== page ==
The PowerBlog has often covered the X-Prize folk (here and here) as good examples of the power of private entrepreneurship. Now, these folks’ good old fashioned DIY attitude may provide the answer to returning to the moon.

NASA’s exploration vision calls for putting humans back on the moon in the next decade. The vehicles to land on the moon no longer exist,” X Prize Chairman Peter Diamandis said in a statement. “We believe that entrepreneurial companies can build these lunar spaceships, and a Lunar Lander Challenge can stimulate the required technology in an efficient and rapid fashion.”

For NASA, the $2 million prize money is a small price to pay for the promise of technical innovation from private industry or untapped genius. The contest does not grant NASA intellectual property rights to winners’ inventions, but the space agency asks contestants to be willing to negotiate licensing rights in good faith if it shows interest in a particular technology or design.

I look forward to seeing how well this works (and I suspect it will work quite well). And when it does, I hope someone (perhaps the PowerBlog) will create a pretty cost/result chart comparing the private company that gets us back to the moon and the government agency whose budget is “too thin.”

The Pontifical Academy of Social Sciences recently held a conference examining population decline and its manifold causes and effects. In connection with that meeting, the Rome-based news service ZENIT interviewed Riccardo Cascioli, president of Italy’s European Center of Studies on Population, Environment and Development. The full interview can be found at ZENIT’s site, in the daily dispatch for May 5.

The final question and answer summarize the state of the situation with respect to the impact of government policy and financial incentives on population growth. It speaks to the limitations of policy and the importance of religious and cultural factors:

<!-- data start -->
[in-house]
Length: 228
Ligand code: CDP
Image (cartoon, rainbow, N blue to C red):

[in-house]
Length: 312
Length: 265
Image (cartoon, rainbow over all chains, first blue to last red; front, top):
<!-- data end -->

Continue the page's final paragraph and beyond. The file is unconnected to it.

Q: Many European countries hope to resolve the low birthrate with financial incentives and increases in the number of immigrants. During his intervention at the Pontifical Academy of Social Sciences, Benedict XVI explained the phenomenon of the demographic decline as a lack of love and hope. What is your opinion in this respect?

Cascioli: The experience of some European countries, though they have had decades of policies that favor births — with incentives to births, flexible work to be able to look after children and a network of social services — should teach us that these measures are not enough.

Undoubtedly improvements are seen in the fertility rates, but they are not sufficient to reverse the tendency to the demographic winter.

Sadly, the European Union, which soon will publish a white book on the subject, is moving precisely in this direction, ignoring the cultural factor, that is, the most profound motives for a couple’s deciding to have or not have children.

Benedict XVI has finally put his finger on the problem: The real issue has to do with the meaning we give to life, because there is no financial incentive that could convince me to have children, if I live withdrawn in myself and am afraid of the future.

And here is the great task of the Church, because only the proclamation of Christ can reawaken to life a society that is sliding inexorably towards death.

The Pope’s address sounds, therefore, as a severe call also to those sectors of the Church that, when they address the demographic question, underscore almost exclusively the political options that governments must take.

The state has indeed the duty to remove obstacles — economic and social — to my freedom to decide how many children to have, but it cannot also give me the profound reasons to have them. Love and hope are before the state.

Is it getting hotter in here? Why yes, yes it is:

It appears so:

Close inspections of Red Spot Jr., in Hubble images released today, reveal that similar to the Great Red Spot, the more recently developed storm rises above the top of the main cloud deck on Jupiter.

Little is known about how storms form on the giant planet. They are often described as behaving similar to hurricanes on Earth. Some astronomers believe that the spots dredge up material deep below Jupiter’s clouds and lift it to where the Sun’s ultraviolet light chemically alters it to give it a red hue.

The latest images could provide evidence that Jupiter is in the midst of a global change that can modify temperatures by as much as 10 degrees Fahrenheit on different parts of the globe.

The fact that “global warming” appears to be occuring on a number of planets in our solar system should probably give pause to those who have wedded themselves to the idea that such warming on Earth is entirely a product of human activity. Or perhaps the residents of Jupiter just need to cut their dependence on fossil fuels and stop driving those SUVs…